When Mary Wallace “Wally” Funk reached the boundary of space aboard the first crewed flight of Blue Origin’s New Shepard capsule earlier today, it marked the end of a journey she started 60 years ago. In 1961 she became the youngest member of what would later become known as the “Mercury 13”, a group of accomplished female aviators that volunteered to be put through the same physical and mental qualification tests that NASA’s Mercury astronauts went through. But the promising experiment was cut short by the space agency’s rigid requirements for potential astronauts, and what John Glenn referred to in his testimony to the Committee on Science and Astronautics as the “social order” of America at the time.
In the interest of simplification or abstraction, we like to think of the laptop on the kitchen table as a single discrete unit of processing. In fact, there is a surprisingly large number of small processors alongside the many cores that make up the processor. [8051enthusiast] dove into the Realtek rtl8821ae WiFi chip on his laptop and extracted the firmware. The Realtek rtl8821ae chip is a fairly standard Realtek chip as seen in this unboxing (which is where the main image comes from).
True to his name, [8051enthusiast] was pleased to find that the rtl8821ae was clearly based on the Intel 8051. The firmware was loaded on startup from a known file path and loaded onto the chip sitting in an M.2 slot. Careful consideration, [8051enthusiast] reasoned that the firmware was using RTX51 Tiny, which is a small real-time kernel.
The firmware is loaded at 0x4000 but it calls to code below that address, which means there is a ROM on the chip that contains some code. The easiest way to extract it would be to write some custom code that just copies the masked ROM back to the main CPU via the shared memory-mapped config space, but the firmware is checksummed by the masked ROM code. However, the checksum is just a 16-bit XOR. With a tweak in the kernel to allow accessing the shared config space from userspace, [8051enthusiast] was on his way to a complete firmware image.
Next, [8051enthusiast] looked at what could be done with his newfound hackability. The keyboard matrix is read by the Embedded Controller (EC), which happens to be another 8051 based microcontroller. There also happens to be an RX and a TX trace from the EC to the m.2 slot (where the rtl8821ae is). This has to do with 0x80 postcodes from the processor being routed out somewhere accessible via the EC. With a bit of custom code on both the EC and the WiFi chip, [8051enthusiast] had a keylogger that didn’t run on the main processor broadcasting the PS/2 keystrokes as UDP packets.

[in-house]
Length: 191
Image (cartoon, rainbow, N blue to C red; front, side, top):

Of course, there are plenty of other 8051 based devices out there just waiting to be discovered. Like this 8051 based e-ink display controller.
[Main image source: Realtek RTL8821AE unboxing on YouTube by Евгений Горохов]
If you remember the crazy events in the winter of 2018 as two airports were closed over reports of drone sightings, you might be interested to hear that there’s still a trickle of information about those happenings making it into the public domain as Freedom of Information responses.
Three Christmases ago the news media was gripped by a new menace, that of rogue drones terrorising aircraft. The UK’s Gatwick airport had been closed for several days following a spate of drone sightings, and authorities thundered about he dire punishments which would be visited upon the perpetrators when they were caught. A couple were arrested and later quietly released, and after a lot of fuss the story quietly disappeared.
Received Opinion had it that a drone had closed an airport, but drone enthusiasts, and Hackaday as a publication in their sphere, were asking awkward questions about why no tangible evidence of a drone ever having been present had appeared. Gradually the story unravelled with the police and aviation authorities quietly admitting that they had no evidence of a drone, and a dedicated band of drone enthusiasts has continues to pursue the truth about those few winter nights in 2018. The latest results chase up the possibility that the CAA might have received a description of the drone, and why when a fully functional drone detection system had been deployed and detected nothing they continued with the farce of closing the airport.
Perhaps the saddest thing about these and other revelations about the incident which have been teased from the authorities is that while they should fire up a scandal, it seems inevitable that they won’t. The police, the government, and the CAA have no desire to be reminded of their mishandling of the event, neither except for a rare bit of mild questioning do the media wish to be held to account for the execrable quality of their reporting. The couple who were wrongly arrested have not held back in their condemnation, but without the attention of any powerful vested interests it seems that some of the measures brought in as a response will never be questioned. All we can do is report any new developments in our little corner of the Internet, and of course keep you up to date with any fresh UK police drone paranoia.